I just drove my Prius 2100 miles, and it didn't skip a beat, tight as a rock. Hope you got a great warranty... and you are fooling yourself if you think OIL prices are going anywhere but UP.
Hybrids and Electrics have everything to like, and it is obvious that these owners surveyed don't miss their ICE counterparts in the slightest bit. Do they feel cheated because their car payments are higher? Of course not, because they laugh at all the denyers at the pump putting $60-100 in their tanks. I put 30 dollars in the tank and it goes 500 miles. I just took a road trip 2100 miles in total, didn't worry about speed (avg 66mph) and got 47.9mpg avg in my Prius. Here is the damage:
43.84 Gallons used X $3.25 (avg Gas Price) = $142.48 for the entire trip
If I took old car, Toyota Solara: stats from previous trip, current Gas Price, 18.5mpg
113.51 Gallons used X $3.25 (avg Gas Price) = $368.91
That is a difference of $226.44
The savings paid for 2 hotels and food and drink on the trip.
Why the Hell would anyone want to go back to an conventional ICE engine?
Yup. This is what makes any value comparisons, whether vs. Cruze or Prius or whatever, utterly meaningless. It may be a great car, but it is easier to build a great 30k car if you can spend 60k, 70k or who-knows-what to make it.
When it is affordable and profitable I will be impressed.
How can you be skeptical of the results? GTOlover: Toyota has sold millions of hybrids, and their repair records are unbeatable. Since the ICE engine is the most complicated, expensive and problematic component of a car, the hybrids and electrics have the advantage. For instance, my Prius only needs an oil change every 10,000 miles, because it is not used nearly as much or as hard as a conventional ICE. I am really suprised that the bias caused and created by oil companies toward electrics and hybrids is actually believed.
I would add "cost to manufacture" to your thoughts. The Volt is currently sold at a loss, and I suspect volume will only get them part of the way there. Personal guess is that the 40k price is GM's estimate of the profitable retail at high volume. It is a slow seller (esp. to public) in the low 30k range.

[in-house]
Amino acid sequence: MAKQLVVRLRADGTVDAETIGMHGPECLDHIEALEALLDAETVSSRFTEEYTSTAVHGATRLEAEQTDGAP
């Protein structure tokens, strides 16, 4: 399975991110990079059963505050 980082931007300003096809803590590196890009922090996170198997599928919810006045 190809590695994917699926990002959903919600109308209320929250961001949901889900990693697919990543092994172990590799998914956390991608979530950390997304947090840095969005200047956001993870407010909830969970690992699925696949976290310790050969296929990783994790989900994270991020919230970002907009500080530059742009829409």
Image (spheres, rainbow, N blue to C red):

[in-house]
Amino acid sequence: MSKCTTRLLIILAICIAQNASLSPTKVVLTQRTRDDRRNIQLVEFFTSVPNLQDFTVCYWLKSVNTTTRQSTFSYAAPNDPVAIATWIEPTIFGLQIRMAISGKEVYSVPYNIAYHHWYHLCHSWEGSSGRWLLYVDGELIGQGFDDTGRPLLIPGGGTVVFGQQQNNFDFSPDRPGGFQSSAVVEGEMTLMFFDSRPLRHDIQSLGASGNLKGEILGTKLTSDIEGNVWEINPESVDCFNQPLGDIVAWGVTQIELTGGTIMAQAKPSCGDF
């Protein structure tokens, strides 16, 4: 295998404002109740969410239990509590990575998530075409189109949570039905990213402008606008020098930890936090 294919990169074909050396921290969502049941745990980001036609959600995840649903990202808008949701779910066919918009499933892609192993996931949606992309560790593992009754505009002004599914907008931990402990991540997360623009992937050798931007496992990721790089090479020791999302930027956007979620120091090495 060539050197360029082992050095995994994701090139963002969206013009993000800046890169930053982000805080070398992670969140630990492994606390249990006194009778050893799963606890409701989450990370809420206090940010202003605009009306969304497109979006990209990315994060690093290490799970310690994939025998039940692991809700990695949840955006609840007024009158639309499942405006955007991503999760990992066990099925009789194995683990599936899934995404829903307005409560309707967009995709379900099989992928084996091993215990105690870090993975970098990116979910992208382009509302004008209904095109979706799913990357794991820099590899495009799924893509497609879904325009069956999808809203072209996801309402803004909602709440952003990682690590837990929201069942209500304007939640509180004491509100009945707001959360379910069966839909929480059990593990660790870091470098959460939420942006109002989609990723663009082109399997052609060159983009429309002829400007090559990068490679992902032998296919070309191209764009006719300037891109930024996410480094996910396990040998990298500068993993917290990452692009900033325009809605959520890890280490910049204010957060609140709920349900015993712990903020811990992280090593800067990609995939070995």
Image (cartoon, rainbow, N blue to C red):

At this point the public acceptance, or lack there of, of the Volt at it's fictional price tells us very little about the commercial viability. This is one of the problems with govt subsidies (in anything), they block the manufacturer from getting vital information from the market that will help them make a good decision on the product.
Not sure how this justifies having the taxPayers fund 70% of the cost. Maybe the technology is the best. If so, it should win out in the market. As it is, when a huge extra-market force manipulates, resource allocation is completely skewed. Ask the Volt owners how many would buy their new Volt if they had to pay for it all themselves (ie: $100K instead of $30K). That technology might be a harder sell. I'm not against the Volt, just against paying for lots of Volts that I don't own ... and not allowing competing technology the same advantages.
For industrial control applications, or even a simple assembly line, that machine can go almost 24/7 without a break. But what happens when the task is a little more complex? That’s where the “smart” machine would come in. The smart machine is one that has some simple (or complex in some cases) processing capability to be able to adapt to changing conditions. Such machines are suited for a host of applications, including automotive, aerospace, defense, medical, computers and electronics, telecommunications, consumer goods, and so on. This discussion will examine what’s possible with smart machines, and what tradeoffs need to be made to implement such a solution.